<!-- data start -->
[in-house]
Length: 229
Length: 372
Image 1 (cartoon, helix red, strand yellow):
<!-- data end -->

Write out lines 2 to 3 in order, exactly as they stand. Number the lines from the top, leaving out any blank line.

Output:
Length: 229
Length: 372